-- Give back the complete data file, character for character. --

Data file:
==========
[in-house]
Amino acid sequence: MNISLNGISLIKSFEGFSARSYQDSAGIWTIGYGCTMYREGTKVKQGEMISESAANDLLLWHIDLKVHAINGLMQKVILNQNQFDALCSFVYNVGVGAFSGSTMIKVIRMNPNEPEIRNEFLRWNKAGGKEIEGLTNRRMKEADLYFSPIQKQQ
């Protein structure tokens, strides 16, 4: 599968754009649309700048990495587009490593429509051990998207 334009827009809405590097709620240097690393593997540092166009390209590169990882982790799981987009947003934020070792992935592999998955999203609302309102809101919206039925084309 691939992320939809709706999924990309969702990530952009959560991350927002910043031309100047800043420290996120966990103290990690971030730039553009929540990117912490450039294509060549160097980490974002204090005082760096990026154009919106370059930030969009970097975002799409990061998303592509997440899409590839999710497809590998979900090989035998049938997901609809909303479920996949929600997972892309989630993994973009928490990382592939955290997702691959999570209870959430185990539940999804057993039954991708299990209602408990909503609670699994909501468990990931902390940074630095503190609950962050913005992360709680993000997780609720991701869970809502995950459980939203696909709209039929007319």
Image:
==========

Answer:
[in-house]
Amino acid sequence: MNISLNGISLIKSFEGFSARSYQDSAGIWTIGYGCTMYREGTKVKQGEMISESAANDLLLWHIDLKVHAINGLMQKVILNQNQFDALCSFVYNVGVGAFSGSTMIKVIRMNPNEPEIRNEFLRWNKAGGKEIEGLTNRRMKEADLYFSPIQKQQ
């Protein structure tokens, strides 16, 4: 599968754009649309700048990495587009490593429509051990998207 334009827009809405590097709620240097690393593997540092166009390209590169990882982790799981987009947003934020070792992935592999998955999203609302309102809101919206039925084309 691939992320939809709706999924990309969702990530952009959560991350927002910043031309100047800043420290996120966990103290990690971030730039553009929540990117912490450039294509060549160097980490974002204090005082760096990026154009919106370059930030969009970097975002799409990061998303592509997440899409590839999710497809590998979900090989035998049938997901609809909303479920996949929600997972892309989630993994973009928490990382592939955290997702691959999570209870959430185990539940999804057993039954991708299990209602408990909503609670699994909501468990990931902390940074630095503190609950962050913005992360709680993000997780609720991701869970809502995950459980939203696909709209039929007319």
Image: